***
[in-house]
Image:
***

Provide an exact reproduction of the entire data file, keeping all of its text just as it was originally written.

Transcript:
[in-house]
Image: